A highlight of my university undergraduate career (I majored in anthropology) was reading Ruth Benedict. Like Margaret Mead (Coming of Age in Samoa, 1928) and the recently rediscovered Paul Radin (The Trickster, 1956), Benedict was a student of Franz Boas (I was a student of Bruce MacLean, who was a student of Stanley Diamond, who was mentored by Radin). Benedict's great book is Patterns of Culture (1934).
Writing in its 1958 "Preface", Margaret Mead had this to say of Patterns of Culture:
"... it is the best introduction we have to the widening of horizons by a comparative study of different cultures, through which we can see our own socially transmitted customary behaviour set beside that of other and strangely different people."
The "other and strangely different people" Benedict drew on in her study of cultures as "personality writ large" (Benedict) are the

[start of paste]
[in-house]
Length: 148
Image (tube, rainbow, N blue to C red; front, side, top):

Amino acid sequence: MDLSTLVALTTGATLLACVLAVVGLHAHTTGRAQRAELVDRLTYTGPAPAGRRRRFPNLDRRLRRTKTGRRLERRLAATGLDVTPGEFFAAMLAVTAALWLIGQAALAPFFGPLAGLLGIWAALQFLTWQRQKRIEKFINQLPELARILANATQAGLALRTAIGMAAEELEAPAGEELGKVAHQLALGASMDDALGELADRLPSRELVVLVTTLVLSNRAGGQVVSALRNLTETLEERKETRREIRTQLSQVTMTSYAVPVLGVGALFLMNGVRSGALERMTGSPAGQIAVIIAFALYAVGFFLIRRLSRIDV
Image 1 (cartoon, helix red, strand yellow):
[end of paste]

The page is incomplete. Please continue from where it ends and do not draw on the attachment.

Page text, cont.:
Here is an excerpt from the introduction to Benedict's "Northwest Coast" section:
"Like most of the American Indians, except those of the southwest pueblos, the tribes of the northwest coast were Dionysian [Benedict characterized the Zuni as Apollonian]. In their religious ceremonies the final thing they strove for was ecstasy. The chief dancer, at least at the high point of his performance, should lose normal control of himself and be rapt into another state of existence. He should froth at the mouth, tremble violently and abnormally, do deeds which would be terrible in a normal state. Some dancers were tethered by four ropes held by attendants, so that they might not do irreparable damage in their frenzy. The dance songs celebrated this madness as a supernatural portent:
The gift of the spirit that destroys man's reason,
O real supernatural friend, is making people afraid.
The gift of the spirit that destroys man's reason ,
O supernatural friend, scatters the people
who are in the house.
 That is, Cannibal at the North End of the World, the supernatural patron of the dancer [Hamatsa?], in whose power he dances.
 That is, they flee in fear."